Thursday, October 23, 2008

washed the dirt off our intentions

Some days I think the only thing keeping me from selling my soul for half an hour of physical comfort- rested, warm, free of pain- is that the devil isn't interested in buying. I start to wish I could remember what it's like to not be in pain, and I get to feeling sorry for myself, and tell myself stories about how brave and determined I am just because I make an effort to stay alive.

Days like this, I don't get a lot of writing, or thinking, done. Obviously. But I have been reading books by Terry Pratchett (Hogfather most recently) and its possible that someday I may be out of this funk.

Yesterday I got a postcard from Elizabeth, which brightened my day. I also had an appointment with VA Voc Rehab in Seattle to see if they'll agree that being able to work ten hours a week as a tutor or something is a goal worth paying my college tuition to achieve, and they didn't say no outright. Which is sort of good, although it means I have to go in for another appointment next week after gathering information on certifications and employment prospects, which, quite frankly, sounds exhausting enough that I almost want to cry. Driving into Seattle for any reason is a horrible horrible task. But hey, its still a good thing, and maybe I'll take the bus.

I just wish I wasn't so tired.

2 comments:

Gary said...

Would you consider mentioning my newly-published memoir on your blog? I would be happy to exchange blog feeds as well.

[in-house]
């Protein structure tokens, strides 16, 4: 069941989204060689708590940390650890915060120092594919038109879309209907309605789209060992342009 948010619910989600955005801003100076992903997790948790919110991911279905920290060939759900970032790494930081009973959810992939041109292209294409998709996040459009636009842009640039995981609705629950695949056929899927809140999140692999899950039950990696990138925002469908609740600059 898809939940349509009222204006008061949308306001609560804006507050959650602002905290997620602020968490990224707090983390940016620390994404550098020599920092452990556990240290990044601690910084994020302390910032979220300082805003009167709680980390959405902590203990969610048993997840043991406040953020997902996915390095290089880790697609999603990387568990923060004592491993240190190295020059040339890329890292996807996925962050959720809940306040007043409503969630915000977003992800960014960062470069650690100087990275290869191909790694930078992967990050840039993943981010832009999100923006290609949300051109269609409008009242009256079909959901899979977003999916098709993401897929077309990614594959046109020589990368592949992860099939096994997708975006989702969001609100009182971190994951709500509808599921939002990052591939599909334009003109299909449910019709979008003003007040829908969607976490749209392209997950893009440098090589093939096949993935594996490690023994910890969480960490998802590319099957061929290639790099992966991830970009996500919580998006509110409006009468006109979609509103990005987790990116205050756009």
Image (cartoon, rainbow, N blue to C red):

Seven Wheelchairs: A Life beyond Polio was recently released by The University of Iowa Press.

The memoir is a history -- an American tale -- of my fifty year wheelchair journey after being struck by both bulbar and lumbar poliomyelitis after a vaccine accident in 1959. The Press says Seven Wheelchairs gives "readers the unromantic truth about life in a wheelchair, he escapes stereotypes about people with disabilities and moves toward a place where every individual is irreplaceable."

Other reviewers have called Seven Wheelchairs "sardonic and blunt," "a compelling account," and "powerful and poetic."

I hope you can mention Seven Wheelchairs on your blog. We all live different disability stories, I know, but perhaps if you find the memoir worthwhile, you might want to recommend the book to others who are curious about what polio or disability in general.

Of course, the book is also available through Amazon and Barnes & Noble.

--
Gary Presley www.garypresley.com
SEVEN WHEELCHAIRS: A Life beyond Polio
Fall 2008 University of Iowa Press

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